That makes him the perfect actor to play LBJ, who had so many gifts—the charm, the wit, the lively intellect. But the public was less aware of those aspects of his personality because, in one of those terrible ironies, LBJ was a very insecure man, especially in comparison to Jack Kennedy. He worried constantly that people would not think he was presidential enough, and so he created this public persona that was mercilessly mocked—very somber, ponderous, weighty. And that was not like the man in private. Everybody describes him as unbelievably charismatic and funny, a dead-on mimic, a great raconteur. It’s fascinating that a man who could be so analytical about the nuances of politics could be so blind about himself.
BDS: He was grappling with being president in the television age, and the camera was often unforgiving of his looks.
RS: It was pretty hard to follow Jack Kennedy in that regard, and particularly under those circumstances. There’s a story of a public speech that he gave, and the stand-up mic wasn’t working. So his press team pinned a lapel mic on him, and because he wasn’t tied to a podium and could move across the stage, he opened up. He was suddenly that guy that everyone knew privately. He just killed it, and the press ate it up. And he came off the stage furious and said, “Don’t you ever do that to me again.”
BDS: The critical success of All the Way has been stunning, but I wonder how you think it has translated to film. What did you gain as a writer and director? And what did you lose going from the stage to the screen?
RS: This is a full cinematic translation. We didn’t just shoot the play, nor were any of us interested in that. From the beginning we wanted to make a real movie, so we’ve really moved things around. The film really gave me an opportunity to go back in and do things I hadn’t been able to do in the stage version. For example, we expanded on the LBJ–Lady Bird relationship, which I felt was a little underserved in the play. And there’s an opportunity to explore the nuances of LBJ’s personality and behavior and to give a sense of the size and passion of the social landscape of 1964, which you can only suggest onstage. But in film, you can really get into it. Then there’s just fun stuff! LBJ had an aqua car, and he loved to invite unsuspecting guests for a ride on the ranch, and then he would pretend to lose control of the car and drive it into a lake. I just thought, “Oh my god! That’s so fantastic! We have to put that into the movie!”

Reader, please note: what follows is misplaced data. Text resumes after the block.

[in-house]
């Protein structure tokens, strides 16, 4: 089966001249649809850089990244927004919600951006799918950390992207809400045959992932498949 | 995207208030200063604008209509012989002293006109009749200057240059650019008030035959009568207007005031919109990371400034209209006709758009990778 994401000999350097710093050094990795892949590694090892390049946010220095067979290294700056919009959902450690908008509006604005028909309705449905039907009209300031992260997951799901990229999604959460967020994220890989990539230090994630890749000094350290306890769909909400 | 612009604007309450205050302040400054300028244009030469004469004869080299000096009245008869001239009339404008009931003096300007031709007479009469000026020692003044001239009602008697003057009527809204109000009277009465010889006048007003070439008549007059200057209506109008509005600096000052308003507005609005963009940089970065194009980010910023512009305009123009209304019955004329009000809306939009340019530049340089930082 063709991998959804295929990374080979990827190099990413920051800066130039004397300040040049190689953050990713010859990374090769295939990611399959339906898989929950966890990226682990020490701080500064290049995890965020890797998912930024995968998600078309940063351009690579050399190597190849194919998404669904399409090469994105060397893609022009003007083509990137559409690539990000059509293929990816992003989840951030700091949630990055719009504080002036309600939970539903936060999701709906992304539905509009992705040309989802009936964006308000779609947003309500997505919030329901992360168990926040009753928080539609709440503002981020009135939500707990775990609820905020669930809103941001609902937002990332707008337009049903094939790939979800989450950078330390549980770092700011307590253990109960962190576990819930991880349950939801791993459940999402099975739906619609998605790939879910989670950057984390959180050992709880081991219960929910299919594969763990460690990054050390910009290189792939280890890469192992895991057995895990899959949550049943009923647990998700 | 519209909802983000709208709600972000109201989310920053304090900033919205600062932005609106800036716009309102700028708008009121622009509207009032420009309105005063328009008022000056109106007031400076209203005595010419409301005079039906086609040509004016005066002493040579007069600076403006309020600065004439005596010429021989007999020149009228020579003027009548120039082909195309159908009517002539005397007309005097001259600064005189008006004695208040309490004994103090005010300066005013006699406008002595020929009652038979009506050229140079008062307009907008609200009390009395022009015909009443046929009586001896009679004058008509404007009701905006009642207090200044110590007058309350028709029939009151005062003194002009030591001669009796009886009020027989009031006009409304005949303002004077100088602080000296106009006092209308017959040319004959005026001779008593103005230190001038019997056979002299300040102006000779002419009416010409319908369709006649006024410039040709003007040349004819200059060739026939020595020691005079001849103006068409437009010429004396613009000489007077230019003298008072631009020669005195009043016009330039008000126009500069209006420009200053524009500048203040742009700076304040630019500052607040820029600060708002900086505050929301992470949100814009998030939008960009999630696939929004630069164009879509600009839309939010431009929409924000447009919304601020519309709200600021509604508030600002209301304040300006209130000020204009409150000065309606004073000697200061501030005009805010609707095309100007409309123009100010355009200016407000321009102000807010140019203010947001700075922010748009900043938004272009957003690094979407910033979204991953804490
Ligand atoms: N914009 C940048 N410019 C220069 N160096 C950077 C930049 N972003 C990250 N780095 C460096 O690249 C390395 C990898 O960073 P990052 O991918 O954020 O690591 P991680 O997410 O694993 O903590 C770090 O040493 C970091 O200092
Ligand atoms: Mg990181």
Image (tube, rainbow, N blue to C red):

BDS: The film also gave you the chance to work with Steven Spielberg again, whom you had partnered with for his production of The Pacific on HBO.
RS: Steven is completely obsessed with politics and history and extremely knowledgeable. So it’s deeply pleasurable to talk with him about these things because he really knows what he’s talking about. His curiosity is very vibrant. He’s such a skilled filmmaker. I always learn when I’m working with Steven. But yet, it’s all about joy for him. He’s not a tortured artist at all. He’s in love with what he does. He feels very happy about it. When you’re on a set in the claustrophobic world of making a movie, that’s a great quality to have in your executive producer.
BDS: You mentioned that you had been thinking about LBJ for a long time. As I recall, your family has a connection to him.